Sunday, January 2, 2011

Highchair Tears

Check out this angry, sad little face.

This sight is becoming a daily occurrence. We get this reaction lately when we are wrapping up meal time. Food has been a soothing factor for Gadisa since we met him, but really isn't it for any child this age?? On the other hand, I've read about adoptive children having issues with food. Gadisa just over eats. And then eats and eats some more. He's at a healthy weight now, but we are trying to come up with how to handle his angry cries for more food. When he screams, it's more like he's yelling at us for more food. We don't necessarily want to give him things when he's got this tone of crying/screaming with us and we know he's not hungry, he's just stocking up. It could be a reaction from his time in the orphanage and the association of hunger with food and the frequency or lack of when it was given. Or, it could be the toddler in him coming out to get what he wants when he wants it. Whatever the reason, this little man is pretty angry at his mama when he sees me going to wipe off his hands and face. Hopefully, this phase will wrap up soon. For now, we just calmly take him out of the high chair and walk around to calm him down and distract him with another activity. If you've got other suggestions, I'd love to hear them!

1 comment:

  1. Yes, our toddler does this too. She's also adopted from Ethiopia, although I think your instincts are right that it might be both adoption and toddler related. What worked for us was to keep food available to her all the time. So, we would keep a bowl of dry cereal or puffs out and a sippy cup out for her all the time. She's on the skinny side, but maybe this could be adapted. Like sippies of water or fruit instead of cereal.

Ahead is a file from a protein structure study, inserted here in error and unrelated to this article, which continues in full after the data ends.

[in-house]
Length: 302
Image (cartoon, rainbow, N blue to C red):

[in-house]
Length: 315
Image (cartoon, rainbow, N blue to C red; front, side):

As for the toddler side, what worked for us was sign language for specific foods. It may help if he can communicate what he would like to drink or eat. Also choices make them feel more in control, so I let her pick milk or orange juice in the morning, for example. If she wants something she can't have right then (like cookies) I make sure not to tell her "no" but to tell her when she can have it.

    This is definitely a tough issue especially if you're wanting to watch his intake. Has his doctor given any good insight while keeping in mind his time at the orphanage and his food insecurities? I hope he makes it through this phase quickly! We love reading your blog and would love to hear how things pan out on this subject. Thanks for the post!